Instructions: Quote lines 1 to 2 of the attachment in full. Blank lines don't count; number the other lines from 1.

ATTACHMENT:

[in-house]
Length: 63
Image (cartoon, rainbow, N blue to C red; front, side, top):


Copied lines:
[in-house]
Length: 63